KING ARTHUR

KING ARTHUR & THE PHILOSOPHER’S STONE

Few, if any of us understood the convoluted script but had great fun doing it!
Written and directed by Bill Horne and full of music and laughter.

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Box River News Review:
Bill Horne, our local Bard, was probably influenced by Harry Potter and the Philosophers Stone when He wrote this panto. Elements of the Arthurian tradition are woven throughout the Harry Potter series. Both Arthur and Harry were heroes and both had the potential to become immortal. However that is where the likeness in the panto ends!
This years panto began with a zing when Miss Lesley’s girls were on stage to entertain us with a traditional Irish Tap Dance which they performed very well indeed. Following the dancers that we discovered that King Arthur had suffered a breakdown after Queen Guinevre had run off with Lancelot. The King decided he needed a break and with his daughter roamed the country until he came across Boxford where he set up court on the site of what is now the Boxford Village Hall. He had with him the Philosophers stone which tradition maintains turned everything into gold that came in contact with. Add to this Morgana, a nasty greedy piece of work, a royal romance and the King opting to take out his pension, stir it up and you have the potted history of King Arthur’s visit according to the Bard. Two octogenarians need a special mention, Seaweed played by Derek, “I can’t remember my lines” Butler and Coblers played by Tony Murphy came on after the interval and had us all in fits of laughter with their repartee and singing and supported by the Blue Bird of Happiness played by David Clapp who became the butt of their jokes.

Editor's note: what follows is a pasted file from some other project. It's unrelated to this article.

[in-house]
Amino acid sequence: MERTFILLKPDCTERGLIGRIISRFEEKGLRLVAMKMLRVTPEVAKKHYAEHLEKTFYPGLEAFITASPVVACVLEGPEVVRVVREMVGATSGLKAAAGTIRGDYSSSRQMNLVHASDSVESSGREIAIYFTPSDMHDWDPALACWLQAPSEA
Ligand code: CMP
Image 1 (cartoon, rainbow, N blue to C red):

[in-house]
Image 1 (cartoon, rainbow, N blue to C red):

Derek did not disappoint us as he managed to forget his lines in one of their songs. We also had a new dame played by Nick Elliott whose amazing outfit was only surpassed by the energy he put into the part I know I have said it before but this Panto was a reminder of the wealth of acting talent, passion and production know how that can be found within the Benefice. There were also a number of outstanding performances from newcomers to the BDG. I have to praise the exceptionally high standard of musical direction. Over the past few years under the direction of Ward Baker and Gareth Price the standard was continued to improve. This bodes well for the musical that we are being promised for later this year. The programme did not give credit for whoever prepared the meal during the interval and presumably provided the same high quality for three nights. in a row. Well done to everyone involved!

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